That's what's known as a 'shell-less egg. Sometimes when they first begin to lay, it happens, until their reproductive system matures. It could be that she may need extra calcium in her diet, too! Crushed egg shells or finely ground oyster shell, givin 'free-choice should be given in a separate dish from the feeder.Does anybody know why the egg was laid with a membrane/skin surrounding the entire egg. It was completely encased with a tube at the end (photo is of it removed).
Are your quail Coturnix or ?They are on Marriage's quail layers pellets with 20% protein and 3% calcium. Do not think it's the food as all the others are laying nice eggs.
We introduced a chick we hatched into the flock of 8 older birds. We had them from 3 weeks and none of those laid any shell-less eggs to-date. So it must be the chicks first egg.
We now have a further 18 in the brooder, so time will tell if we get any more of these anomalies. It's certainly a steep learning curve!
Do you have any advice on a broody hen. She sat for 3 days the first time and 11 days the second (month apart). The other quail seem to lay their eggs in front of her and she pulls them in, 18 eggs in total the last time. Plus the male chases her when she comes out to feed, which she objects to. We incubated them and got 4 hatched, but over 4 days and disposed the remaining eggs.
Any help would be greatly received.
Can you raise crickets and/or grow millet? Those might make some nice dietary supplements for them.@007Sean Thanks for the breakdown on needed amino acid & vitamin requirements for quail, I've bookmarked this for future reference.
I live in a tiny country in Central America, Panama. The absolute best feed available for any poultry is what they simply call "laying quail" feed (postura codornix). The formula changes throughout the year, sometimes guaranteed to be 18% protein, and sometimes as high as 20%. It's never been higher than 20%. They don't sell protein supplements or say, soy meal, separately so mixing my own really isn't an option. I've been getting by, by paying attention to the label on the bag and grinding and mixing in dry cat food, only offering treats that are high in protein or have the needed amino acids, and then only once a week or so is any 'treat' offered... and sometimes their 'treat' is ground eggshell. I was very surprised to find that although the name says it's for laying quail, there's NO calcium in the feed. None. I do add a product called Chick Vit ESe to their water, it's vitamin E, selenium, methionine. I have another product that I only use for sick birds called Chick Booster, it has a very long list of vitamins in it, but it's only available in a visine-sized bottle, and then only available at the store sometimes. I wish I could get a nice LARGE bottle of the Chick Booster, as the list of vitamins and minerals in it is impressive. Mail Order is not an option for me, and the feed store refuses to accept orders for such things, even if prepaid.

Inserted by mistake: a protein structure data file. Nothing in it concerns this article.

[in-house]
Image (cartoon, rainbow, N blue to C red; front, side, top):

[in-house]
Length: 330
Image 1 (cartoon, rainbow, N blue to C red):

Any advice on how to improve their diet for the sake of their good health, long life, and quality of chicks produced when incubated would be greatly appreciated.
That appears to have been a fully formed egg that for whatever reason was delayed in the shell gland, and was then in the process of having another coating of shell laid on it... before she managed to expel it. Sometimes young pullets, new layers, take awhile for all of the various parts of their reproductive system to get into synchronization. I wouldn't worry about this at all if it's a one time thing. If this issue persists for longer than a couple of weeks then more research would be needed. Also note, that because she's still getting on schedule, she may miss a day or two after laying that, but if she misses three days, or if she seems "off", then you'll want to go through the steps for an egg bound hen. That rubbery membrane is VERY difficult for the hen to pass, so if she gets bound, be sure to lube her vent inside and out with a product like KY-Jelly (water soluble personal lubricant sold at your local pharmacy, drug store, chemist). The shell on the original egg appears very weak and crumbly. Here's a link on vitamins and how a deficiency can affect the eggs. https://thepoultrysite.com/articles/vitamins-and-minerals-important-to-poultryDoes anybody know why the egg was laid with a membrane/skin surrounding the entire egg. It was completely encased with a tube at the end (photo is of it removed).
I can grow millet, both red and white; I have not been feeding millet as the protein content varies from as low as 5%, and averages at 10 to 12%... I feared that millet would reduce the overall protein even more than it is already. Is there something in it that's particularly beneficial to quail to warrant the added reduction in overall protein?Can you raise crickets and/or grow millet? Those might make some nice dietary supplements for them.
I was just reading that it is part of a quail's natural diet. Crickets are very high in protein, so that would bring the protein up.I can grow millet, both red and white; I have not been feeding millet as the protein content varies from as low as 5%, and averages at 10 to 12%... I feared that millet would reduce the overall protein even more than it is already. Is there something in it that's particularly beneficial to quail to warrant the added reduction in overall protein?